Unveiling the Magic of Sections 54 and 54F: Your Gateway to Exemptions

Sections 54 and 54F of the Income Tax Act unfold opportunities for exemptions on capital gains tax, acting as a secret passage for tax-conscious investors. Section 54 applies to the sale of residential property, enabling individuals to reinvest gains in another residential property within specified timelines for tax exemptions. Section 54F broadens this scope to encompass any long-term asset, excluding residential houses. Harnessing these sections becomes a pivotal move in alleviating the tax burden on capital gains.

You can avail an exemption from capital gains tax by utilizing the proceeds from the land sale to acquire a residential property, potentially resulting in a tax-free gain, provided you meet the following conditions:

  1. Eligible Claimants: The exemption applies to individuals or Hindu Undivided Families (HUFs) and does not apply to companies, LLPs, or firms.
  2. Location Requirement: The new house must be situated in India.
  3. Timeline for Purchase or Construction: Acquire the house within one year preceding the land sale or within two years following the sale. Alternatively, construct a house within three years post the land sale.
  4. Non-Sale Stipulation: Refrain from selling the newly acquired or constructed house within three years of purchase or construction.
  5. Single Residential Property Ownership: As of the transfer date, you should not own more than one residential house, excluding the recently acquired one.

If these criteria are met, and you invest the entire proceeds from the land sale into the new house, you won’t be liable for any taxes on your gains. However, if only a portion of the sale proceeds is invested, the exemption will be proportional to the invested amount, calculated as the cost of the new house multiplied by the capital gains divided by the net consideration.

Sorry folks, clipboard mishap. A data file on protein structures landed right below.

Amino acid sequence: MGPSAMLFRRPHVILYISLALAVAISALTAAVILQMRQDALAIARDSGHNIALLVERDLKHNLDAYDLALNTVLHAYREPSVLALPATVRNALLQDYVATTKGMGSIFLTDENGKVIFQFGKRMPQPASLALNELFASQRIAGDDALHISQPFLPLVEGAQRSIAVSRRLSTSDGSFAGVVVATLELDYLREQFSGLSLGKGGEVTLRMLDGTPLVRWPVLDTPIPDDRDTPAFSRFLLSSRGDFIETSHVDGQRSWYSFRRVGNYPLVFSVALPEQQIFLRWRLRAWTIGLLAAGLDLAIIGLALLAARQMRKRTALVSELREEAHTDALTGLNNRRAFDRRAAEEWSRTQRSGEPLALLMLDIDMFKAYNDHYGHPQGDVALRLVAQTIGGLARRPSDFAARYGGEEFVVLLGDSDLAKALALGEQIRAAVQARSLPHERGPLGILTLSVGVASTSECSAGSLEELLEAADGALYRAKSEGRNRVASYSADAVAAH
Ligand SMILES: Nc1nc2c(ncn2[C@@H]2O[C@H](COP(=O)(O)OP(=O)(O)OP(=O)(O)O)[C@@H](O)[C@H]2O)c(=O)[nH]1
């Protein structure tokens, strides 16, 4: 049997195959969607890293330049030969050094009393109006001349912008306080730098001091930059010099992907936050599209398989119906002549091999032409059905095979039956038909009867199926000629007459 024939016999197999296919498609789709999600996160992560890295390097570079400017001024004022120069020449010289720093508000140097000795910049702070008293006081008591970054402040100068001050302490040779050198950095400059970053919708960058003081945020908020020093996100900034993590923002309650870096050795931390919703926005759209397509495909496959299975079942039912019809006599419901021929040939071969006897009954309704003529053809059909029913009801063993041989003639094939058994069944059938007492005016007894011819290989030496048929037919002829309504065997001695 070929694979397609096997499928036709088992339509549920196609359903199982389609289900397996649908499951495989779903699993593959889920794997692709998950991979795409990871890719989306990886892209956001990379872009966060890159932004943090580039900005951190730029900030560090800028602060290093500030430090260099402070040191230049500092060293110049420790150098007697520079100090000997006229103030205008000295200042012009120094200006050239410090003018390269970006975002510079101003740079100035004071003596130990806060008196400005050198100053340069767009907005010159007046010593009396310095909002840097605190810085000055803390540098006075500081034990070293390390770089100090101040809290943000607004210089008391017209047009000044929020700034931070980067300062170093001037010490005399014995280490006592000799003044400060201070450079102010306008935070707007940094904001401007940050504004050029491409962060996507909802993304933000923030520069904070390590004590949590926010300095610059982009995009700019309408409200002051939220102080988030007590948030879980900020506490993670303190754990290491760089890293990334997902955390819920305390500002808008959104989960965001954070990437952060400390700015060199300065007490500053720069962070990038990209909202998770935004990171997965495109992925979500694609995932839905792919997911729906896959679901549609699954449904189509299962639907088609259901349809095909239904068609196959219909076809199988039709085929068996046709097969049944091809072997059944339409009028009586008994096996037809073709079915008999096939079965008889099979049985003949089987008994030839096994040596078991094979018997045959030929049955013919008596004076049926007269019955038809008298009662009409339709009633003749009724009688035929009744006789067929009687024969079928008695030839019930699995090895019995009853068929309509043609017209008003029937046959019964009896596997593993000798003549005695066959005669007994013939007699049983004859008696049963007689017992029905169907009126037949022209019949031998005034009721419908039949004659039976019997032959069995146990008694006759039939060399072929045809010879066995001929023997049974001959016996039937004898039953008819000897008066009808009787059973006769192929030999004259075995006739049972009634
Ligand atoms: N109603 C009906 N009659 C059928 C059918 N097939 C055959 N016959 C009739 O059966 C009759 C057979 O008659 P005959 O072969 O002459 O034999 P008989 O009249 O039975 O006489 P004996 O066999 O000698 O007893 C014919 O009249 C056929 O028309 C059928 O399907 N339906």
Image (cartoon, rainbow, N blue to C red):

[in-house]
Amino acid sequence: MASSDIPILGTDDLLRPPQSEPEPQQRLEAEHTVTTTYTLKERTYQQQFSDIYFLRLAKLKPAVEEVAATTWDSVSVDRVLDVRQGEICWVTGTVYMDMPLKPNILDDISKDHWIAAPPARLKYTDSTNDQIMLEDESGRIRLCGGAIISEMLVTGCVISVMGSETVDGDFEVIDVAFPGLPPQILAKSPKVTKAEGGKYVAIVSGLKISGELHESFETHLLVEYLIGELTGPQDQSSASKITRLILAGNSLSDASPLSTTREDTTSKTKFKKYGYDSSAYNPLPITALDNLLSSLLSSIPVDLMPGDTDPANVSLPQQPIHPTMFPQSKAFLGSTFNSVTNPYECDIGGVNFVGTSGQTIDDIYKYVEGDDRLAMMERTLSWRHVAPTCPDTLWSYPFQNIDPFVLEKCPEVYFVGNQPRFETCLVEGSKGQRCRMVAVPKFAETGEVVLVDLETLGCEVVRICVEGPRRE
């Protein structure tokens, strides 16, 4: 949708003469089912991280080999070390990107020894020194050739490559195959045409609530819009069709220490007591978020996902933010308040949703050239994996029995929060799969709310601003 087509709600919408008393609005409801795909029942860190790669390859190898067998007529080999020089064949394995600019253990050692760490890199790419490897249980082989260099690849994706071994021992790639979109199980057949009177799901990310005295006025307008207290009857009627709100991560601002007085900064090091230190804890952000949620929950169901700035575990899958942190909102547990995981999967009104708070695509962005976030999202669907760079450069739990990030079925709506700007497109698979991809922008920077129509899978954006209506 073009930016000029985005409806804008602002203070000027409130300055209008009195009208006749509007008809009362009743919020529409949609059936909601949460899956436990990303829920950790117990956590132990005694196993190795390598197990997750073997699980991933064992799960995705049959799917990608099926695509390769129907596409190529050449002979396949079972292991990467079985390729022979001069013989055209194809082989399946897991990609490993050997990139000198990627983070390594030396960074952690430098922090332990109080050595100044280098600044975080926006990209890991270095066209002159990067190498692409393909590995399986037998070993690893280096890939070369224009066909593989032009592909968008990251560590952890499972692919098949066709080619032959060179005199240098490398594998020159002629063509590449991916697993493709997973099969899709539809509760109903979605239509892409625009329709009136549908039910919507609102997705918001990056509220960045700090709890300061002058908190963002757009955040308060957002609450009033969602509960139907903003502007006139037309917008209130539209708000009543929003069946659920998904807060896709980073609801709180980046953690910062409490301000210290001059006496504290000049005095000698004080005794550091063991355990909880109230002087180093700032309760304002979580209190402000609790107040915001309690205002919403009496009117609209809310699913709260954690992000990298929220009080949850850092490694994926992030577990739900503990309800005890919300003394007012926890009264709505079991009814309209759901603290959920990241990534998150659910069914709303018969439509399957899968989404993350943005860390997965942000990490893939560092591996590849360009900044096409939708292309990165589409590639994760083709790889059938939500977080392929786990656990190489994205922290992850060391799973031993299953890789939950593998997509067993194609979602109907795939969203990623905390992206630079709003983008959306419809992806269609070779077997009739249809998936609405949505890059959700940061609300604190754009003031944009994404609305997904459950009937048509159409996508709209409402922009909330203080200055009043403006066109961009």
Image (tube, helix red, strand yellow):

Deposit in Capital Gain Deposit Account Scheme

Section 54 and Section 54F also support the Capital Gain Deposit Account (CGDA) Scheme, 1988. In instances where the entire capital gains from a transaction cannot be utilized by the due date for submitting income tax returns, the unutilized amount can be deposited in any public sector bank under the CGDA Scheme. Subsequently, this deposited sum must be utilized within two years specifically for purchasing a new house or three years specifically for constructing a new house.

To benefit from this scheme, you are required to open the account before the deadline for filing your income tax return. Additionally, the funds held in this account should be exclusively utilized for the purchase of a residential property. Failure to utilize the funds within the specified time restrictions for acquiring a home will result in the imposition of capital gains tax on the deposited amount either retrospectively or from immediate effect, depending on the default.

Other frequently used methods of Tax Savings in India

Investors can use Equity Linked Savings Schemes(ELSS). ELSS mutual funds provide a twofold advantage of potential capital appreciation and tax savings under Section 80C of the Income Tax Act. Investing in ELSS not only reduces your taxable income but also offers an avenue for long-term wealth growth.

Engaging in Systematic Investment Plans (SIPs) within equity mutual funds offers a strategic approach, capitalizing on the advantages of rupee cost averaging and compounding. Notably, SIPs present a tax-efficient avenue as they fall under the Long-Term Capital Gains (LTCG) tax exemption for gains up to Rs. 1 lakh per year. This makes SIPs an attractive and tax-friendly choice for investors, aligning with long-term wealth accumulation goals.

Loss harvesting is a good strategy that involves selling underperforming investments to actualize capital losses. By doing so, investors can offset these losses against their capital gains, effectively mitigating the overall tax burden. This tactical approach not only helps in managing tax liabilities but also contributes to optimizing the overall portfolio performance.